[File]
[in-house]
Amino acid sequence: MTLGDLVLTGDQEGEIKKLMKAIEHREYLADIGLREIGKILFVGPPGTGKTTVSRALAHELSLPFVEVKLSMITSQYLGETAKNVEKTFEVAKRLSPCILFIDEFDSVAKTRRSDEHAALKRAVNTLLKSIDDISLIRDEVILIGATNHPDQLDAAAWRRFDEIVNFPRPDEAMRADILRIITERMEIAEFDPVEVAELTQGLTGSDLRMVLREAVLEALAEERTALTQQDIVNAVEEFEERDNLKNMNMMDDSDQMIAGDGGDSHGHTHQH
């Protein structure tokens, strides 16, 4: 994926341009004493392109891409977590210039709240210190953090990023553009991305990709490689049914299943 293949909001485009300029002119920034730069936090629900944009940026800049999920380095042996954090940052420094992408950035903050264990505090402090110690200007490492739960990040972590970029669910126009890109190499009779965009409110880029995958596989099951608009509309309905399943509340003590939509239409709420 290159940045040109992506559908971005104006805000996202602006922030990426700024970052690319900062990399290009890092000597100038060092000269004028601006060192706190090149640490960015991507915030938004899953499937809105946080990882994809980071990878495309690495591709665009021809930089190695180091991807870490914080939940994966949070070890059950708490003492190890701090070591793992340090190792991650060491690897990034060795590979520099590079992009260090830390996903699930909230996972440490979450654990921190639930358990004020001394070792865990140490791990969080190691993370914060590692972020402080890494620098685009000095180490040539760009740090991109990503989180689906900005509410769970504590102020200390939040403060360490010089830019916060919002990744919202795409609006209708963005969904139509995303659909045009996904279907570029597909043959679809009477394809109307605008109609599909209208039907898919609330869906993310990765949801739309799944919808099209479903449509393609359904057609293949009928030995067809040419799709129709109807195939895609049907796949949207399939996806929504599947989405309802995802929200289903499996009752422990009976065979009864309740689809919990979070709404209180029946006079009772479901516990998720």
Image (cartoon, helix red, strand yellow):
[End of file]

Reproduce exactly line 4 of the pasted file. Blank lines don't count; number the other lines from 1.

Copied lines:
Image (cartoon, helix red, strand yellow):